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J Affect Disord. 2018 Jul;234:335-345. doi: 10.1016/j.jad.2018.02.067. Epub 2018 Mar 17.

Prenatal exposure to disaster-related traumatic stress and developmental trajectories of temperament in early childhood: Superstorm Sandy pregnancy study.

Author information

1
Queens College, CUNY, Psychology, New York, NY, United States.
2
Borough of Manhattan Community College, Social Science, Human Service and Criminal Justice, New York, NY, United States.
3
Icahn School of Medicine at Mount Sinai, Psychiatry, New York, NY, United States.
4
Queens College, CUNY, Psychology, New York, NY, United States; Graduate School of Public Health, CUNY, New York, NY, United States.
5
Queens College, CUNY, Psychology, New York, NY, United States; The Graduate Center, CUNY, Psychology, New York, NY, United States.
6
Bryn Mawr College, Bryn Mawr, Pennsylvania, United States.
7
Yale University, School of Medicine, New Haven, CT, United States; VA CT Healthcare System, New Haven, CT, United States; University of Massachusetts Amherst, Department of Psychological and Brain Sciences, Amherst, MA, United States.
8
Queens College, CUNY, Psychology, New York, NY, United States; Icahn School of Medicine at Mount Sinai, Psychiatry, New York, NY, United States; The Graduate Center, CUNY, Psychology, New York, NY, United States. Electronic address: Yoko.nomura@qc.cuny.edu.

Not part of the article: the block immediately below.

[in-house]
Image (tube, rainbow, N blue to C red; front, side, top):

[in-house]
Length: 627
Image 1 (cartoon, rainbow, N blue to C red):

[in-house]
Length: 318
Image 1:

Abstract

BACKGROUND:

Little is known about the impact of prenatal maternal stress (PNMS) on the developmental trajectory of temperament and few studies have been able to incorporate a natural disaster as a quasi-experimental stressor. The current study investigated PNMS related to Superstorm Sandy ('Sandy'), a hurricane that struck the New York metropolitan area in October 2012, in terms of objective exposure during pregnancy, subjective stress reaction as assessed by maternal symptoms of post-traumatic stress, and their impact on the developmental changes in temperament during early childhood.

METHOD:

A subsample of 318 mother-child dyads was drawn from the Stress in Pregnancy Study. Temperament was measured at 6, 12, 18, and 24 months of age.

RESULTS:

Objective exposure was associated with greater High-Intensity Pleasure, Approach, Perceptual Sensitivity and Fearfulness, but lower Cuddliness and Duration of Orientation at 6 months. Objective exposure and its interaction with subjective stress reaction predicted developmental changes in temperament. In particular, objective exposure was linked to greater increases in Activity Level but decreases in High-Intensity Pleasure, Approach, and Fearfulness. The combination of objective exposure and subjective stress reaction was also associated with greater increases in Activity Level.

LIMITATIONS:

Temperament was measured solely via maternal report. Trimester-specific effects of Sandy on temperament were not examined.

CONCLUSION:

This is the first study to examine the effects of prenatal maternal exposure to a natural disaster on trajectories of early childhood temperament. Findings suggest that both objective stress exposure and subjective stress reaction in-utero predict developmental trajectories of temperament in early childhood.

KEYWORDS:

Longitudinal data; Natural disaster; Objective stress exposure; Prenatal maternal stress; Subjective stress reaction; Temperament

PMID:
29614461
PMCID:
PMC5963732
DOI:
10.1016/j.jad.2018.02.067
[Indexed for MEDLINE]
Free PMC Article

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